During the period between the second half of the 2014-15 season and the entire 2015-16 season, fans all across the world were mesmerized by Leicester City’s miraculous efforts. We don’t need to go over the story that’s been cemented in our brains: the great escape from the relegation zone by winning seven of their last nine in order to stay up for the following season where they would become Premier League champions despite odds of 5,000-1.
In the three seasons since the improbable, the Foxes have earned themselves respectable finishes in the league table (12th, 9th, 9th), while two key players from their championship side, N’Golo Kante and Riyad Mahrez, have gone to top-six sides. The club has also cycled through three managers, including title-winning manager Claudio Ranieri, Craig Shakespeare, and Claude Puel.
Now Leicester find themselves second in the Premier League table, in a title race with Liverpool and there is one thing that has remained constant since their promotion to England’s top flight: Jamie Vardy’s presence as the leader in Leicester’s front line.
He is the league’s top scorer with 16 goals in 16 matches and is the current holder of an eight-match scoring streak, three matches away from tying the record for scoring in the most consecutive Premier League games – one held by…Jamie Vardy.
As one of the most underappreciated strikers of the decade, the former Fleetwood Town striker has punched well above his weight in such little time. Despite playing just five and a half seasons of Premier League football, he is tied for sixth with Robin van Persie in goals scored this decade (96).
Top Premier League Scorers (2010/2011-Present)
|Robin Van Persie||149||96|
With nearly half of the 2019-20 season gone, it seems that Vardy, 32, has seen his performances improve under Brendan Rodgers compared to how he did under previous managers Claude Puel and Craig Shakespeare.
This is due to the share of defensive and creative duties previously undertaken by Vardy being redistributed under Rodgers’ system to the four wide and central midfielders (usually Harvey Barnes, James Maddison, Youri Tielemans, and Ayoze Perez) that play behind him. The scheme allows Vardy to keep contributing in defense and in the buildup but allows him to have more bandwidth to run in behind and make link-up runs.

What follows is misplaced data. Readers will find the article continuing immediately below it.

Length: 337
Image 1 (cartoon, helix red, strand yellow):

The adjustment has resulted in Vardy’s number of passes per 90 minutes, attempted dribbles per 90 minutes, and touches per 90 minutes all decline since the 2017-18 season, suggesting that the veteran has been placed in a more isolated role that is not as reliant on his stamina and energy level, despite there not being any sign of those being depleted.
In turn, this change forces him to spend more of his time performing striker duties, which is evidenced by the fact that Vardy has seen his shooting volume increase with this tweaked role: through 16 games in 2019-20, he has shot 2.56 times per 90 minutes, up from 1.94 in the 2017-18 season and 2.36 in the 2018-19 games under Puel.
Along with having a more isolated role up top, Vardy has decreased the proportion of shots taken outside the box, with just 9.8% of his shots coming from that area of the pitch this season, compared to 14.1% in 17-18 under Puel. With more shots closer to the goal, the more shots with a higher chance of being converted.
The most noticeable attribute of his game this season has been his efficiency in front of goal. This is where things get silly and a case for Vardy being Player of the Year starts to becomes unavoidable. Vardy’s shooting has not just been good, it has exceeded elite figures no other striker comes close to right now. According to Football-Reference.com, Vardy has scored 16 goals from just 41 shots, which translates to a conversion rate of 39%, the highest in the league by a wide, wide margin. Arsenal’s Pierre-Emerick Aubameyang runs second among qualified forwards with a 26.8% conversion rate.
Another way of knowing how absurd Vardy’s season has been is the fact the Leicester man converts a higher percentage of his total shots into goals than Harry Kane, Raheem Sterling, and Richarlison put their shots on-target. Sometimes it takes another take or two to understand how bonkers that figure really is. Now, numbers like these are not sustainable through a 38-game stretch, but the fact this is where the statistics stand after a sizable sample is impressive on its own and should not be glossed over with a casual eye.
A Boxing Day matchup on the horizon against Liverpool could prove to be a turning point in Leicesters’ title hopes. Either Liverpool could be all but champions or the Foxes could close the gap and make things more interesting. Bringing in Rodgers and his style of play has been one of the best decisions for a club that seeks to keep its 32-year-old striker productive in a modern game that demands more running, speed, and efficiency from attacking players.
The supporting cast behind Vardy has been superb, providing the service and extra threat to make the Foxes a dangerous team that could travel the narrow pathway to another improbable Premier League title. Perhaps an England tap from Gareth Southgate for Euro 2020? Call your friends, tell your neighbors: the Vardy party is back on until further notice.